Feuding Delays Argentina Debt Plan
Nov. 01, 2001
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BUENOS AIRES, Argentina (AP) _ A political impasse with 23 provincial governors continued to stymie efforts by President Fernando De la Rua to win over key allies for a plan to restructure $132 billion in debt and avoid default.
Still lacking crucial political support for his recovery plan, the president declined to venture exactly when he would announce the proposed debt swap and other measures anxiously awaited by Wall Street and emerging markets worldwide.
``The truth is that time is running out. There isn't a lot of space to maneuver,'' local economist Nicolas Caruso warned, echoing a widely held view that Argentina's options for turning around the crisis are dwindling.
De la Rua was expected to unveil his latest economic recovery plan in a national address late Thursday.
The unemployment rate has been stuck in double digits for years, the economy is stumbling after seven punishing rounds of austerity measures already, and some cash-strapped provincial governments have resorted to paying state workers partly with bonds in lieu of cash.
With state coffers dwindling, De la Rua is locked in a bitter political impasse with the nation's 23 provincial governors over the federal government's failure to pass along more than $500 million in tax revenue owed the provinces.
In Washington, the International Monetary Fund signaled Thursday that a tax-sharing agreement between De la Rua and provincial governors which is intended to balance Argentina's budget and achive a so-called ``zero deficit'' target by year's end is a key pillar of support for any recovery plan.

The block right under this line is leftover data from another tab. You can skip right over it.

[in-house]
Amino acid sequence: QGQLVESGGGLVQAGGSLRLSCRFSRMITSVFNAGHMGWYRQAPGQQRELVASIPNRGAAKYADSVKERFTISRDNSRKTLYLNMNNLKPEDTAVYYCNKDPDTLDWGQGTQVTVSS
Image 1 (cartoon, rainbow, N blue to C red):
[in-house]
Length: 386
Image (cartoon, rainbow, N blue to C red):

An IMF official, Thomas Dawson, told reporters the agency had no plans now to speed the release of bailout loans that could provide the cash-strapped government with funds to pay its hefty debt-servicing charges. Argentina's next IMF loan is a $1.3 billion installment that will come available in December.
Past flare-ups of the debt crisis this year were eased only when the IMF announced fresh infusions of emergency loans, but Dawson told a briefing that releasing any funds ahead of schedule was ``not in the cards'' at this time.
Argentine governors resumed meetings Thursday to discuss the federal government's proposal for spending cuts and tax-revenue sharing measures needed to balance the Argentine budget and satisfy the IMF.
But differences remained between the two sides.
``A pact with the nation is a long way off unless they pay the people,'' warned Gov. Carlos Ruckauf, an opposition Peronist for powerful Buenos Aires province. He insists the federal government is holding back revenue the provinces need to pay state workers and meet their own obligations.
Market watchers noted that each passing day did not help the crisis, but warned it was better for the president to shore up domestic support for a plan that was as complete as possible.
``Obviously it would be better to have the measures announced sooner rather than later but we also want solid measures,'' economist Rafael Ber said.
A restructuring of the debt is expected to be one of the plan's key components. Other measures could include payments to low-income households and the unemployed as well as sales tax relief to spur consumer spending.
However, critics say far more needs to be done to encourage consumers to begin spending again, a necessary step to raise badly needed tax revenue to pay off the debt.
Tax collection plunged 14 percent in September, hampering Argentina's ability to meet upcoming debt payments. Officials acknowledge they must come with $1.1 billion to service the debt this month and another $774 million in December.